To ensure proper watering the first year after planting, that is, the year in which plants are settling in and will need more water than when they are fully established, why not form a watering basin around each new plant?
This technique is used mainly with trees, shrubs and conifers because they tend to be slower to establish than herbaceous plants and also because they are usually a good size at planting and therefore require a greater quantity of water each time you irrigate. However, it can also be applied to any plant, especially if it’s in a situation where it is likely to need frequent watering.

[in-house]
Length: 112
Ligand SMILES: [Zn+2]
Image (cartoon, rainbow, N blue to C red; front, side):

A water-holding basin is simply made of a berm of soil up to 15 cm high all around the root ball. When you water, simply fill the basin with water. The water will then percolate into the soil exactly where the plant needs it!
When the plant is well established, usually after a year, just remove the basin and then the plant will benefit from the same watering as neighboring plants. In a situation where the plant is likely to continue to suffer from a lack of water and therefore will need regular watering (plantings under a roof overhang, in sandy soil, under trees with abundant roots, arid climate, etc.), however, you can leave the basin in place permanently.